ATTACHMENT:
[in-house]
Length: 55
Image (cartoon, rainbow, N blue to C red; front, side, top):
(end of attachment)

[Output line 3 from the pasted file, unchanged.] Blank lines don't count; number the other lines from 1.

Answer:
Image (cartoon, rainbow, N blue to C red; front, side, top):